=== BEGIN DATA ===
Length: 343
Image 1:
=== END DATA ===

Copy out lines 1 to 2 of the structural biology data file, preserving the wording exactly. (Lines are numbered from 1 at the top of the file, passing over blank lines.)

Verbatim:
Length: 343
Image 1: